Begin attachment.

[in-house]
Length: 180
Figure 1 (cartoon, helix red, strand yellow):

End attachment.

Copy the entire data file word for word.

[in-house]
Length: 180
Figure 1 (cartoon, helix red, strand yellow):